How the GOP Presidential Race is Romney’s to Lose

I wrote recently that the GOP presidential race has become, with Rick Perry’s recent collapse, Mitt Romney’s race to lose. Romney may not have a high ceiling, but his (more) conservative opposition is divided and, unless some other candidate steps up to unite the anti-Romney vote (as many suspected Perry would do, and as it seemed he was in fact going to do given his early popularity), he may end up winning almost by default, as the least weak in a field of embarrassingly weak candidates.

Looking at some recent polls, Nate Silver finds that Perry’s decline has not benefitted Romney in the polls. This makes sense. Romney is pretty much the lone establishment, relatively moderate candidate in the field. (Jon Huntsman is the other, but he’s well back.) He appears to have Karl Rove and the Bushies behind him, along with most sensible Republicans. Perry’s supporters clearly wouldn’t switch to Romney but rather to the likes of Herman Cain and Newt Gingrich. They might have gone to Michele Bachmann, but she’s barely registering anymore. Indeed, all we’re seeing right now is some jockeying on the right, with Romney remaining fairly constant in the low-20s.

But there’s the problem — for Romney, if not for the GOP generally. Romney appears to have a very low ceiling and the opposition to him on the right is intense. There is clearly room for a right-wing candidate to take the nomination, especially in a one-on-one with Romney (generally, establishment versus base). It looked at first like that might be Bachmann, but then Perry surged into the lead upon entering the race and Bachmann fell back. But now Perry’s falling back as well. It may be too early to write him off, but it seems increasingly unlikely that he’ll recover. And there’s really no one else around. Chris Christie isn’t what the right is looking for (even if they’re tempted by his bullying authoritarianism), Paul Ryan isn’t running, and no one else seems to have both the conservative bona fides and national stature to unite the right against Romney. Actually, one person does, Sarah Palin, but she likely won’t run (she’s probably just toying with us, as she has all along) and isn’t even all that popular among Republicans anymore.

For Romney, this is all good news. It’s hard to imagine him winning with just 20-25 per cent support, but he could possibly boost that into the 30s and hold off his conservative challengers. But then what? Would Republicans really be happy with Romney having won the nomination with well short of majority support, with the right-wing base largely arrayed against him, and with the right divided? How much enthusiasm do you think there would be even within his own party for a Romney-led ticket? Sure, he could try to boost his standing among conservatives by continuing to move to the right and by picking a popular right-wing running mate (Ryan maybe?), but, just as he has never been able to shed his reputation as an opportunistic flip-flopper, would he ever be able to shed the stink of essentially having won the nomination by default? Conservatives still wouldn’t like him and by moving to the right he would only weaken his standing among independents. He may get what he so badly wants, the Republican presidential nomination, but it’s almost as if he’s in a no-win situation.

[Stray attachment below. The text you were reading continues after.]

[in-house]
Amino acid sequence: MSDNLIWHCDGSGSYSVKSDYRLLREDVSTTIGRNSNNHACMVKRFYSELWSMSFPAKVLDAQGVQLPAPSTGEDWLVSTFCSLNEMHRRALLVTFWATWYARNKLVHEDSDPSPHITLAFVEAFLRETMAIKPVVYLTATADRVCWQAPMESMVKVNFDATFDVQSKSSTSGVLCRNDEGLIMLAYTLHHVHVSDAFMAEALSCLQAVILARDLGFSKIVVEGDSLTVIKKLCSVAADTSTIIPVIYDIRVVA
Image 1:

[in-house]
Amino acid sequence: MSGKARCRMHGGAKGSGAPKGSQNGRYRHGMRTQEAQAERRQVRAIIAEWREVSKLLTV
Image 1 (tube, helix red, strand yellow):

Maybe I’m underestimating Romney’s ceiling, but it really does seem to be him against the field, with the field unable to unite behind a credible anti-Romney candidate. Ongoing establishment support will help, particularly from the likes of Rove, as will the sense that Romney has the best shot of beating Obama — Republicans may like their ideological purity these days, but they also like to win, and they may end up rallying around the most electable candidate, which right now is clearly Romney.

But it’ll nonetheless be a steep uphill struggle for him even if he’s currently sitting pretty atop the heap of also-rans. After all, even though he’s been around for a long time (with national exposure), has significant name recognition and solid ground organizations all across the country, and generally acquits himself well on the campaign trail, he’s still stuck in the low-20s and doesn’t appear to have a ceiling much higher than that. And of course there’s still time for conservatives to find one of their own, assuming it’s not Perry, to unite them.

Yes, the race would appear right now to be Romney’s to lose, but a Romney win might just be the undoing of the Republican Party in 2012. As supposedly electable as he is, there’s no way he’d be elected without the right fully on board. And that seems extremely unlikely given the party’s current divisions.

(Cross-posted from The Reaction.)

         

2 Comments

  1. What are you kidding me? Whoever gets the nomination will have the full throated support or the right. You think they will vote for Obama or something? I was actually hoping the right would nominate Bachmann or Perry but it appears they are not as far gone as I thought. Romney if nominated will have the backing of the right, and is the only candidate to give Obama a run. I’d assumed the Tea Party fools had actually taken over the GOP, but I guess they have some sense left in them after all.

  2. Not sure if Romney is sufficiently infused with that rabid tonic today’s right seems to crave. How can he possibly get them excited? Even if he started making bizarre and inflammatory comments (the kind they like to hear) it wouldn’t seem genuine coming from him. He’s just too mild-mannered. What to do, what to do…

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